. . . for my kids. . . and good friends

getting angry . . .

In the mid noughties I went back to university, to take a master's degree in Social Development. Partly it reflected my change of direction away from pure journalism, but it was also about putting things in focus. I had a great time, was re-politicised and I produced a dissertation (in March 2007) that remains important to me!  

 Free Media are Essential for Development; can they exist?  An examination of the relationship between media and development in a globalising world.

The key 'text' for this dissertation, which is a rather grand description of eleven words, comes from a former President of the World Bank; "A free press is at the absolute core of equitable development" (1999). They appeared in an article in the International Herald Tribune: "Poor Countries must have a Free Press" by James D. Wolfensohn:  

"A free press is not a luxury. . . if you cannot enfranchise poor people, if they do not have a right to expression, if there is no searchlight on corruption and inequitable practices, you cannot build the public consensus to bring about change."

It put on paper the jumbled thoughts I'd been trying to organise for the previous five years, since becoming involved in the mid 1990s with the European Union's Med Media programme, working with the media on the 'other side' of the Mediterranean. It was an interesting change from being a BBC political journalist, broadcaster and manager; and a challenge.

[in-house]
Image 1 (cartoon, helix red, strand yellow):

We created Jemstone (Journalism in the Euro-Med region, Strategy, Training, Organisation and NEtworks) and got on with it; beset by more and more questions about the role of media in development, as we took 'our project', based by then in Jordan, across the Arab world from Morocco to Yemen and beyond, into Ethiopia, Malaysia, Macedonia and Iraq. Here, from an uncontestable source (or so it seemed at the time) were some answers.

I brought to the quest, as I have only recently discovered, something more or less unique. Serious experience in both media and development.

The terms I use need some explanation: 'good' journalism or journalist or media; and 'good' development. They sound a bit wishy-washy. But the other, more potent words have already been commandeered or colonised, often with the best of intentions but now they mean something else. Free media and independent media beg more questions than they answer; free from what and to do what, independent is similar; and neither of them need be good media, in any sense. Human development, sustainable or not, people-centred, equitable, 'development as freedom'; they are not easy or unambiguous either.

So 'good' it is; it has an honourable pedigree, having already been chosen by one of my development heroes; Robert Chambers talks powerfully of 'good' change and we all know what he means. And one of the most impressive journalistic thinkers, Ian Hargreaves, refers often and uncomplicatedly to good journalism. I use the term to answer the question 'in whose interests?' (the people as a whole) and I think it contains enough 'disinterestedness' to prevent it becoming obsessively, off-puttingly pro-poor, while not, I hope, losing the passion necessary to achieve change.

There is no direct relationship between media and development, though the first is probably necessary for the second, if they mean what Wolfensohn intended them to mean. The link between the two runs through those with power over the development decisions; and the basis on which they take them; what are they trying to do. Put it simply, whatever their good intentions, without constant reminding they will not spend development money maximally to benefit the poor and society as a whole, unless there is a real cost of ignoring the people -- like being voted out of power. Even then, in sclerotic societies, the power of entrenched vested interests cannot be resisted, unless they are rooted out regularly and ruthlessly.